Commentary - Honolulu version
The Hawaii premiere of Chess at the Diamond Head Theatre is a virtual duplicate of the Broadway production,
moving towers and all. But there the resemblance ends. Nunn's direction was extremely static, Director/Choreographer
Andrew Sakaguchi's surges with life, passion and movement. The sets, lighting and costumes on Broadway were drab.
Here, they pulse with color and vibrancy.
This production is absolutely the best that the Broadway version can be.
Jade Stice, a Broadway veteran of Miss Saigon and Jekyll & Hyde leads a terrific cast who truly act out
their songs. Matthew Pedersen's (also a Broadway Miss Saigon vet) Freddie lacks the viciousness Nunn directed
into the part, and becomes a much more likable hero. Guy Merola's Anatoly is a brooding--but needy--Russian, beautifully
exhibiting the wrenching indecision of his character in the second act. The chemistry between Ms. Stice and both male
leads is electric, making her inner conflict over them the touchstone of the show. She is also beautiful and sultry
enough that you truly believe a man would leave his country for her.
The main set is composed of the towers--square this time instead of triangular, and warmer, painted in faux green marble
with large colorful chess pieces on them. As on Broadway, they form walls, rooms, underground garages and terraces, but
much less obtrusively. The lighting is also considerably warmer and more varied than Broadway. The only set pieces are
a bed and numerous chairs and tables, keeping the cast on their feet for much of the show, prowling the stage.
Sakaguchi said in an interview that he wanted to take out the politics and focus on the characters' emotions and to a
large extent, he's done that. 'U.S. vs. U.S.S.R.' has been cut way down and 'Merchandisers Song' is gone (both were
severely shortened on Broadway after opening, for time constraints), but by having only Molokov sing 'U.S.vs. U.S.S.R.,'
without Walter, the song is superfluous and could have been cut entirely. 'Let's Work Together' has also been cut from
the second act, though the scene leading into it is not. The humor of this song is sorely missed.
But the 'Arbiter's Song' is fully restored as the second act opening with most of Tom Jobe's original London choreography
intact and, as in London, the number brings down the house. By removing the ridiculous Broadway notion of having the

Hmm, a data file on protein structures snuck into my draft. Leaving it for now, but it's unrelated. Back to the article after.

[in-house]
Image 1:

character sing it in the Bangkok airport to bewildered passengers (it was cut the week after opening on Broadway), the
song works beautifully.
Sakaguchi's choreography infuses every moment with movement and life. His staging of 'I Know Him So Well' and 'Pity the
Child' are the best I've ever seen. I've always personally felt 'Pity the Child' was one verse too long, but not here--
Freddie storms around his room, kicking over a chair and at the end, pulls the blankets off the bed and throws them on
the floor, exibiting not only his self-pity for his childhood but his frustration at not being able to shake his past
from his present life.
Every song has interesting movement. The 'Model of Decorum' Quartet puts Florence and Anatoly together enough, separate from the others, that it telegraphs their growing attraction for each other. They are more physical with each other during 'Terrace Duet,' touching each other frequently, leading more naturally into the kiss.
'Endgame' is powerfully performed, the chorus unison is exceptional and Anatoly and Freddie are in swivel chairs and turn to the audience, involving them, whenever singing.
John L. Bryan as the Arbiter is potent, and both Mikel J. Humerickhouse as Molokov and Leonard Piggee as Walter are just right. It's difficult to single out actors for praise--the entire cast is so good, they all contribute mightily to the whole.
This version added one thing from the Chicago version. Walter tells Florence the man she met isn't her father (though, as on Broadway, it's clear that he is), so Anatoly engineers a final--permanent--reunion at the very end. Since Florence isn't undergoing the angst of total loss as in London and Broadway, the show ends with each principal moving out on stage singing 'The Story of Chess.' A milder ending than the show needs, but in this case, it works.
Interestingly, Nelson's jokes in the show, which were strident on Broadway, seem limp now and the audience barely responded. Chess is always a difficult show for first-timers, the Broadway version especially, and Honolulu audiences didn't seem to really get into the story until 'Someone Else's Story.' From then on, though, they were very responsive. The show played so briefly on Broadway, and London is a long way from Hawaii, so it can be assumed that few theatregoers here have had much exposure to the show.
Diamond Head Theatre has always put on extremely well done musicals and does not fail in this case. Short rehearsal times, a limited talent pool and small budgets never seem to prevent a first class production. They have done it yet again.